Such is the pathway and victory, yea, the glory of the Cross. Again, and yet again, we must be brought to the end of ourselves. That is the work of the Cross. At Calvary, Christ laid down His life. We, too, must learn to lose our lives, learn to lay them down gladly for Christ's sake. Let us learn to bind upon our brow, as a wreath of victory, every circumstance of life which brings us to new heart searchings, and humblings, and self-surrender, and the courageous sacrifice of every idol. Let us be bold, and deathless, and uncompromising, and uncomplaining, as we embrace our cross daily; and then, let us look unfalteringly unto Jesus crucified to carry us up with Himself into new resurrection power and liberty. In spite of all that the great apostle of suffering went through from the moment that he met the Crucified on the way to Damascus, Paul cried out at the last of his life, "That I may know him, and the power of his resurrection, and the fellowship of his sufferings, becoming conformed unto his death" (Phil. 3:10, A.S.V.). Gordon Watt says, "We do need to be careful not to emphasize a truth out of right proportion; not to preach what I have been calling the death side of the Cross so as to forget the life side of the Cross. That is what many, I fear, are doing today--forgetting that the constant reassertion of the self-life can be dealt with only by the Cross, and that only in the measure in which we enter into the death-union with Christ can we know the resurrection life of Christ."

      Most Christians fail to follow Paul into the deepest meaning of the Cross. Paul had long known Christ and "the power of his resurrection." But when we find Paul longing for fuller maturity in the spiritual life--"not as though I had already attained"--we find him longing for a still deeper fellowship with Christ in His sufferings. Paul has as his goal, "becoming conformed unto his death." As C. A. Fox has expressed it, "The climax of the risen life gravitates, strange to say, back to the Cross." We fear that many Christians are attempting, through determination and imagination, to seat themselves in the heavenlies without being incorporated more deeply into their death-union with Christ. "Conformity to His death" will come to be experienced in very practical and commonplace ways. For instance:

      Christ was "crucified through weakness." Am I "weak with Him?" Or, do I unconsciously try to skirt the Cross and continue asking for baptisms of power? It is only as "the Crucified" that He pours upon us of His Spirit.
      Christ emptied Himself, becoming the poorest of the poor. Should I utterly avoid this likeness to Christ? Am I soft in spending upon myself?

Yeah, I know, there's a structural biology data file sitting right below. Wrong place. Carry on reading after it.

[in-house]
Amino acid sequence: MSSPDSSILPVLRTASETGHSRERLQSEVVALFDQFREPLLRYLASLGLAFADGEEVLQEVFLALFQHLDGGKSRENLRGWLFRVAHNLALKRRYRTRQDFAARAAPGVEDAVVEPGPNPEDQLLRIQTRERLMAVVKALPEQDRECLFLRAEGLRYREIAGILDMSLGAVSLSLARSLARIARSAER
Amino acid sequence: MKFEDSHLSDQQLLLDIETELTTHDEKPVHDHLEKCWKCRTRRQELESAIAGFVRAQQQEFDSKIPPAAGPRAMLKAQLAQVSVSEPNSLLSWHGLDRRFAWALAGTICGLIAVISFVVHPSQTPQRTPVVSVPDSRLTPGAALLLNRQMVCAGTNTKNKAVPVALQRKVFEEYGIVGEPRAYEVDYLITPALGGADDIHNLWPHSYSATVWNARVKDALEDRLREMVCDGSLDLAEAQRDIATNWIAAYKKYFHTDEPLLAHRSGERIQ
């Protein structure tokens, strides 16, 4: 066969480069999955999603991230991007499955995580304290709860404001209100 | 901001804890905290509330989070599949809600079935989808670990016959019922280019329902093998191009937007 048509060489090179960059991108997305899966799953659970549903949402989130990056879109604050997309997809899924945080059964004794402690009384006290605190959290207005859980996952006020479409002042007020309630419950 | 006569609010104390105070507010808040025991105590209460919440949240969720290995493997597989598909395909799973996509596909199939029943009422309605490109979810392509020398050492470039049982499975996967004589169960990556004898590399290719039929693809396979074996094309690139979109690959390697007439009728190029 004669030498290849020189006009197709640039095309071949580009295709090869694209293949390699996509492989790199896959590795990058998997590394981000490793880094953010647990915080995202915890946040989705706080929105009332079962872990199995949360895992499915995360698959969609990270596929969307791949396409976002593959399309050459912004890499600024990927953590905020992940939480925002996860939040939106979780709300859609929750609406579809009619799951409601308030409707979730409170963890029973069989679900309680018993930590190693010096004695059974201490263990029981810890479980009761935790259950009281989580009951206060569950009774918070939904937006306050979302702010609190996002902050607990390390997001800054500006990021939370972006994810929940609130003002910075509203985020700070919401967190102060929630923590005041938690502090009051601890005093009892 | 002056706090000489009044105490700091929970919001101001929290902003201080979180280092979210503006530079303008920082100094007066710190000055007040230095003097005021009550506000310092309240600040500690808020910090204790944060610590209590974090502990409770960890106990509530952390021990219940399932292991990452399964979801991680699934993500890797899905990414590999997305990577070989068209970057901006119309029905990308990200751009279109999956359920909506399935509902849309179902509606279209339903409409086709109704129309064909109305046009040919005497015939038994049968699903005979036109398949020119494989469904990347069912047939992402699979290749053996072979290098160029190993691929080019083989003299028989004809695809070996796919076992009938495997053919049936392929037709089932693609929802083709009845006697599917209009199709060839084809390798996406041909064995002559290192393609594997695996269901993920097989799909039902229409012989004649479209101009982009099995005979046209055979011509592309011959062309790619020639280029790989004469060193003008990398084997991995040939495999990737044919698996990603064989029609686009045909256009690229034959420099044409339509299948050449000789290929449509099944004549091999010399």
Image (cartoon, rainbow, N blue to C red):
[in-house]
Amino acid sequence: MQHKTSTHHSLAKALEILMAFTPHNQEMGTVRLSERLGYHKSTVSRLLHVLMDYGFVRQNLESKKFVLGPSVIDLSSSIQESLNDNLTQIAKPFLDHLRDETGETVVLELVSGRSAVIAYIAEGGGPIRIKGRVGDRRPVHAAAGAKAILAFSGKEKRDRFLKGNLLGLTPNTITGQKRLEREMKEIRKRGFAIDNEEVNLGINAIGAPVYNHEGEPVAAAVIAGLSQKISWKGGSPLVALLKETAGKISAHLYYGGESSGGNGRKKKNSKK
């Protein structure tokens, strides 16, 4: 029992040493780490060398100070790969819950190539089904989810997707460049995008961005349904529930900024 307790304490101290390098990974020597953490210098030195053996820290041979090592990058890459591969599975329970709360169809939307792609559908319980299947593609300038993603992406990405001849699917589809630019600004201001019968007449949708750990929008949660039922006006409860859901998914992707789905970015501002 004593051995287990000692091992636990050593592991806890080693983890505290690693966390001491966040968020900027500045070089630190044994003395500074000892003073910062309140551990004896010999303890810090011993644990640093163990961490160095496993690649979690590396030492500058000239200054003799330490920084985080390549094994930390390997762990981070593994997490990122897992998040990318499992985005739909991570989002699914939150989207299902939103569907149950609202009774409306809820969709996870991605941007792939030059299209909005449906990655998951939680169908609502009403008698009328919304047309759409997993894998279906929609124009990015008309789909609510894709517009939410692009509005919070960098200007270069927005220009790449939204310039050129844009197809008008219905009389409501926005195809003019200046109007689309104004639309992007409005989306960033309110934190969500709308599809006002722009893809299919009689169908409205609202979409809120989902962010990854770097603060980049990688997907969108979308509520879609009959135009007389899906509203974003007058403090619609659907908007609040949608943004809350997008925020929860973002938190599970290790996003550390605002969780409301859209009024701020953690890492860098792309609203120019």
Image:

Jesus was made in all things like unto His brethren. Have I ever been poured into the mold of my brother's misery? Such may be my cross.

      My Lord was set at nought. Has anybody yet set me at zero and found me uncomplaining?

      Christ was willingly classed with criminals. Do I seek the better society? "Men of high degree are a lie."

      Christ made Himself of no reputation. Am I seeking in any way to make one?

      Christ and all the apostles were "made a spectacle (or theater) unto the world and to angels and to men." Do I shun the path of becoming a laughing-stock? Do I honestly esteem "His reproach greater riches" than the smile of the world, even the religious world? Am I outside the camp, or am I still reckoned among the respectably proper?

      Jesus went a little farther and fell on His face. Have I certain limits where I say, "Thus far and no farther will   
      I follow the Crucified?"
      Jesus felt the pang and agony and pain of the Cross all His life. Do we glory in the Cross or do we just talk about it and preach about it? That foul-mouthed communist found some ground for his vitriolic jibe when he said to a minister: "Christ died on His Cross, but you ministers live on it."

      God forgive us for living so unidentified with the Cross that the world can see nothing of Him. For it is only as we embrace our cross that the world can behold the Crucified. Amy Carmichael asks, "Who would go so far as even to wish to be

      Dead to the world and its applause,
      To all the customs, fashions, laws,
      Of those who hate the humbling Cross?"

      But how absolutely necessary it is that I be just that --yes, all that--if I would be conformed to His image.